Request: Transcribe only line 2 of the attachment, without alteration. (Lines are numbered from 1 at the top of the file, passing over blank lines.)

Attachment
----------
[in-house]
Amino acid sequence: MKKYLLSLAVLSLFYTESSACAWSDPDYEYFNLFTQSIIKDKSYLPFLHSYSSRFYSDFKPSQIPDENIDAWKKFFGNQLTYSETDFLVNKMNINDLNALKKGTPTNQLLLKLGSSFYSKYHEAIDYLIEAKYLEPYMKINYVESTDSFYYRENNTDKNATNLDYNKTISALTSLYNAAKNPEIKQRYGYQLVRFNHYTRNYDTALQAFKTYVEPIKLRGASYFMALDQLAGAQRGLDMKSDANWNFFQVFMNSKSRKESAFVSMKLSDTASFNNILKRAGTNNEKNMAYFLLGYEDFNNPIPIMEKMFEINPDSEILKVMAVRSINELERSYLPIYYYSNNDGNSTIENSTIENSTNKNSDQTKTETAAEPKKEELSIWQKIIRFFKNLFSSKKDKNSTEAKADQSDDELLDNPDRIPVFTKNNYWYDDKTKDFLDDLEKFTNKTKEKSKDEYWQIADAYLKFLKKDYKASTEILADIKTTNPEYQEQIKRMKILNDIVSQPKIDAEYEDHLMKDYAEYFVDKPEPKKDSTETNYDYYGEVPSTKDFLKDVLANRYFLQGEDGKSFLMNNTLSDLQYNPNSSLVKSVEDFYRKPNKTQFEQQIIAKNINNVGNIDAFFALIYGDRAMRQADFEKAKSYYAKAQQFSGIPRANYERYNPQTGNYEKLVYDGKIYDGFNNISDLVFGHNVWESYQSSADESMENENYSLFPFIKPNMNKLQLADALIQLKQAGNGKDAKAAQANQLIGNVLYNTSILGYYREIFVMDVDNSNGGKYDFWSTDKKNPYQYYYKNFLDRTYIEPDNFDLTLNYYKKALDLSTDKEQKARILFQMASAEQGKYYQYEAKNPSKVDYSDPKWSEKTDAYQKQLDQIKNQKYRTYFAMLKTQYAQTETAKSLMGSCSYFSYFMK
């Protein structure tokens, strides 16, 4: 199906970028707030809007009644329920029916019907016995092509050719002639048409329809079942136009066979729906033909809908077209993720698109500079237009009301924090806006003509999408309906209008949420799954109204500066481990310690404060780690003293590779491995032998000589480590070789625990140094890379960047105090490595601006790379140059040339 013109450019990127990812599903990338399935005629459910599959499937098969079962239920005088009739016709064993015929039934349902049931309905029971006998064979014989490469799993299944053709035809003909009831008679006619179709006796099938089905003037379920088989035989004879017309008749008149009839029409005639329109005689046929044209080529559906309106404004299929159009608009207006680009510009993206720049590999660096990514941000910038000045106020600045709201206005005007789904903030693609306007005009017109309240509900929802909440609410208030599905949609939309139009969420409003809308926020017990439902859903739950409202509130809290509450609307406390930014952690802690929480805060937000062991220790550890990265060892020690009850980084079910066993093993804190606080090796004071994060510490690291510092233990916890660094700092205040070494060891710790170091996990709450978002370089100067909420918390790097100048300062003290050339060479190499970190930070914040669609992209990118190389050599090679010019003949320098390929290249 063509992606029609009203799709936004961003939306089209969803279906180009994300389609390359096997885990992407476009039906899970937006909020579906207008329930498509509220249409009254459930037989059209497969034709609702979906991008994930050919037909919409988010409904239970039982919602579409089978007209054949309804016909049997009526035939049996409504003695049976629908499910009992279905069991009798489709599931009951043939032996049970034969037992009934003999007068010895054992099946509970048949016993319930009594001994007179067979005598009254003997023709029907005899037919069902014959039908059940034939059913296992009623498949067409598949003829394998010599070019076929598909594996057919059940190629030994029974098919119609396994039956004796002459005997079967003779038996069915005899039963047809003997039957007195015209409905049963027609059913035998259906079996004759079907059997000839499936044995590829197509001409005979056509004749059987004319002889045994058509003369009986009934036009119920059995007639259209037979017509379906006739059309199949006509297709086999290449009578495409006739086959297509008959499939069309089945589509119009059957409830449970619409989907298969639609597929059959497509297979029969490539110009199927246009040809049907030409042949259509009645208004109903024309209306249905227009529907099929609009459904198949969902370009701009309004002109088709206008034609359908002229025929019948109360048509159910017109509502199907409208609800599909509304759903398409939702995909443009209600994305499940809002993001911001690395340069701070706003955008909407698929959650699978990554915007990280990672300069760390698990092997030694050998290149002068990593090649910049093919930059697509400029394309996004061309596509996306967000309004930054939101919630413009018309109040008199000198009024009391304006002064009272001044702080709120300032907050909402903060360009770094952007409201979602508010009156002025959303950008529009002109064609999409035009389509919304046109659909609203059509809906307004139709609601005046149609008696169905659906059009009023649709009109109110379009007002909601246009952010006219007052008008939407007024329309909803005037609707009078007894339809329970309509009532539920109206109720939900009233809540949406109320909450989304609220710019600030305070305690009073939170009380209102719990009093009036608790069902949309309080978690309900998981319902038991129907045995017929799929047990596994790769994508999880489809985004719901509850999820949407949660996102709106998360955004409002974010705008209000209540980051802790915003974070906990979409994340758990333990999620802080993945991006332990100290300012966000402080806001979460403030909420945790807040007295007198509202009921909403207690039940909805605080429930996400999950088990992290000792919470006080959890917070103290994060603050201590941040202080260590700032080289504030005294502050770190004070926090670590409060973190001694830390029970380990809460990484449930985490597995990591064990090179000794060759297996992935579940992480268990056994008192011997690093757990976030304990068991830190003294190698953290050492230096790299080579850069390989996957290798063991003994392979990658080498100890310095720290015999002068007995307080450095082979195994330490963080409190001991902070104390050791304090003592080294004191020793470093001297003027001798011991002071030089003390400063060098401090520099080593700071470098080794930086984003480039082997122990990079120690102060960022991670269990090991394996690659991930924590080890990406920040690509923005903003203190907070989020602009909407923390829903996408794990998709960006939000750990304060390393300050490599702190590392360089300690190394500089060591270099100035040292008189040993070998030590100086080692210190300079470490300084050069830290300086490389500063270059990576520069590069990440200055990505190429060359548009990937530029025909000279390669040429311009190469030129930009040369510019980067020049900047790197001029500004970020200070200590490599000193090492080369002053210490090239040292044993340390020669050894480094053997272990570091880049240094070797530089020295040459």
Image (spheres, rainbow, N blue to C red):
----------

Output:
Amino acid sequence: MKKYLLSLAVLSLFYTESSACAWSDPDYEYFNLFTQSIIKDKSYLPFLHSYSSRFYSDFKPSQIPDENIDAWKKFFGNQLTYSETDFLVNKMNINDLNALKKGTPTNQLLLKLGSSFYSKYHEAIDYLIEAKYLEPYMKINYVESTDSFYYRENNTDKNATNLDYNKTISALTSLYNAAKNPEIKQRYGYQLVRFNHYTRNYDTALQAFKTYVEPIKLRGASYFMALDQLAGAQRGLDMKSDANWNFFQVFMNSKSRKESAFVSMKLSDTASFNNILKRAGTNNEKNMAYFLLGYEDFNNPIPIMEKMFEINPDSEILKVMAVRSINELERSYLPIYYYSNNDGNSTIENSTIENSTNKNSDQTKTETAAEPKKEELSIWQKIIRFFKNLFSSKKDKNSTEAKADQSDDELLDNPDRIPVFTKNNYWYDDKTKDFLDDLEKFTNKTKEKSKDEYWQIADAYLKFLKKDYKASTEILADIKTTNPEYQEQIKRMKILNDIVSQPKIDAEYEDHLMKDYAEYFVDKPEPKKDSTETNYDYYGEVPSTKDFLKDVLANRYFLQGEDGKSFLMNNTLSDLQYNPNSSLVKSVEDFYRKPNKTQFEQQIIAKNINNVGNIDAFFALIYGDRAMRQADFEKAKSYYAKAQQFSGIPRANYERYNPQTGNYEKLVYDGKIYDGFNNISDLVFGHNVWESYQSSADESMENENYSLFPFIKPNMNKLQLADALIQLKQAGNGKDAKAAQANQLIGNVLYNTSILGYYREIFVMDVDNSNGGKYDFWSTDKKNPYQYYYKNFLDRTYIEPDNFDLTLNYYKKALDLSTDKEQKARILFQMASAEQGKYYQYEAKNPSKVDYSDPKWSEKTDAYQKQLDQIKNQKYRTYFAMLKTQYAQTETAKSLMGSCSYFSYFMK